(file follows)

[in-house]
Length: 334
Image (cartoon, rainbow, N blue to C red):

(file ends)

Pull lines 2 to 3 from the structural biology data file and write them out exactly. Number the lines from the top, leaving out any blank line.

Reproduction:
Length: 334
Image (cartoon, rainbow, N blue to C red):